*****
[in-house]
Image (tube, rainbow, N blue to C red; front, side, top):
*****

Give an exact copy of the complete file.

[in-house]
Image (tube, rainbow, N blue to C red; front, side, top):